Saturday, March 5, 2011

Big Apple BAP: NYC's Best American Poetry Poets - Thursday, June 16

The Inspired Word presents the first of what will be a regular feature of its weekly Thursday night series: Big Apple BAP: NYC's Best American Poetry Poets.

It is a night celebrating this city's finest poets, whose poems over the years have been honored with inclusion in the highly respected annual anthology.

The debut lineup includes a dazzling array of poets: Katha Pollitt, Mark Bibbins, Jennifer Michael Hecht, David Shapiro, R. Erica Doyle, Jerome Sala, Elaine Equi, Michael Cirelli, Stacey Harwood, George Green, Carly Sachs, Matthew Yeager, Amy Holman, and David Lehman (who will also host the event).

Each poet will read the poem or poems appearing in BAP, as well as something new.

Please join us for what promises to be an amazing night of poetry.


Produced by: Mike Geffner Presents The Inspired Word

When: Thursday, June 16, 2011

Where: One and One Bar & Restaurant (downstairs Nexus Lounge)
76 East 1st Street (corner of 1st Avenue)
Manhattan, NYC
Phone: (212) 598-9126

Time: 6:30pm

Cover Charge: $15

Must be 21 years of age or older. Please make sure to bring ID.


BIOS (in alphabetical order):

Mark Bibbins is the author of The Dance of No Hard Feelings and the Lambda Award-winning Sky Lounge. He teaches at The New School and Columbia University, and edits the poetry section of The Awl. His poems were included in the 2004, 2009, and 2010 editions of Best American Poetry.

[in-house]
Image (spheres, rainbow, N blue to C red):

Michael Cirelli was born in Providence, RI in 1975. His newest collection, Everyone Loves The Situation (Penmanship Books, 2011), deconstructs MTV’s hit reality show, Jersey Shore, flipping the cultural zeitgeist on its (gelled and sprayed) head. He is also the author of Vacations on the Black Star Line (Hanging Loose Press, 2010), which was named in’s Poetry Picks “Best Books of 2010,” and Lobster with Ol’ Dirty Bastard (Hanging Loose Press, 2008), which was a NY Times bestseller from an independent press and was featured in the “Debut Poets” issue of Poets & Writers Magazine. His work has appeared in The Best American Poetry, Hanging Loose, Texas Review, World Literature Today and King Magazine, among others. He is the Executive Director of one of the nation’s largest youth literary arts organization, Urban Word NYC, and has authored two poetry curricula, Poetry Jam (Recorded Books, 2010) and Hip-Hop Poetry & the Classics (Milk Mug, 2004). He has also appeared on HBO’s Def Poetry Jam and Brave New Voices. He appears in the 2011 Best American Poetry.